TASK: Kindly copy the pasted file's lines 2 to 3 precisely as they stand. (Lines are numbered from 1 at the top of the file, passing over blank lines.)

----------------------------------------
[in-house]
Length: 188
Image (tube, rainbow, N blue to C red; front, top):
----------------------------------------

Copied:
Length: 188
Image (tube, rainbow, N blue to C red; front, top):